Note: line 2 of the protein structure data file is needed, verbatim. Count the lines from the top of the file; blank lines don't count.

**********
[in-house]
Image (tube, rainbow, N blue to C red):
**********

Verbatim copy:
Image (tube, rainbow, N blue to C red):